Folk-punk troubadour Frank Turner has gained a steady following abroad over the years by playing festivals and small clubs alike. On his latest album, Poetry of Deeds, Turner is prepped to garner the same attention stateside. American Songwriter recently spoke with Turner before he kicked off his tour opening for the Gaslight Anthem.
Congratulations on being the first Writer of the Week from across the pond.
Ok, fantastic. I’m breaking through for my country.
You’re about to head out on the road w/ Gaslight Anthem, correct?
That’s right. Tour starts on Sunday.
Will you be touring solo, or with a band?
Just solo for this one. I’m opening up the shows and it makes it a lot more logistical financially from my end. And it actually works musically as well, since I started doing what I do on my own. It’s kinda important to me that I still do shows just on my own. As much as I used my band recently, I don’t need them for my show.
What did you grow up listening to?
The major event of my youth was punk and hardcore. I kinda got into punk and thrash, and pretty quickly got down to Black Flag and that kinda territory. That was kinda the big thing. Prior to that, there were a couple of things that were significant to what I do now. My oldest sister got me into stuff like the Counting Crows’ first album, and the Levelers. I’ve always been into those bands. It’s just that for a while they were buried under the onslaught of angry white men with a kit and guitar, shouting at each other. And then I got older and rediscovered the art of songwriting.
In reading your bio, it mentions that you were part of a hardcore punk band at one time. With other successful bands like Ryan Adams, The Avett Bros., and Drive-By Truckers coming out of punk to succeed at more folk, country, Americana types of music, it is easy to see a trend. What is the appeal of folk music for someone coming out of punk?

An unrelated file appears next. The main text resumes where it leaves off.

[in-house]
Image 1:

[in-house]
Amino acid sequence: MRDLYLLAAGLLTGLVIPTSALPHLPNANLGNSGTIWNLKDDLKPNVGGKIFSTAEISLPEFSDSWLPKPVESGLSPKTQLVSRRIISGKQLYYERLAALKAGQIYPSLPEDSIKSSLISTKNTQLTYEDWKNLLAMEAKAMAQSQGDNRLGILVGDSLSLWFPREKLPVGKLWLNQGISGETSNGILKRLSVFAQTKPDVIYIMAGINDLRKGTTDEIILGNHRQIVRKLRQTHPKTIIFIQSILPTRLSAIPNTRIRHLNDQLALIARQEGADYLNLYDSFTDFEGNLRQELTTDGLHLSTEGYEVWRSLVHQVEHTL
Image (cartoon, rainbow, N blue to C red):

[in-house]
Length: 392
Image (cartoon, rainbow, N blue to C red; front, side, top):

I think the two things are not so directly connected. Five to ten years ago there was the whole post-rock thing kicking off, and it turned out that a lot of people involved in that scene were ex-punk scene kids as well. The thing about it, I think, is that if you’re into punk rock when you’re 14-15 years old, it’s different than being into indie rock, or, I don’t know, metal or stuff like that, because you come away with more than just a taste for music, you come away with more of an ethos. You come away with sort of a set of ideals. I think that it [punk], on the whole, makes people pretty highly motivated musically. There’s that idea of self-reliance, pushing yourself towards self-motivation that comes with punk rock.
How have your punk roots influenced your songwriting?
Punk is a kind of music that has a lot of energy and drive and the music that I make is kinda a bit more in your face than the ‘60s folk revival, which some of it comes from punk rock. I find myself listening to folk songs or pop songs and thinking to myself, ‘Why are you repeating that verse again?’ My personal pet hate is the repeat of the first verse at the end. It’s like, you already said this, and I liked that.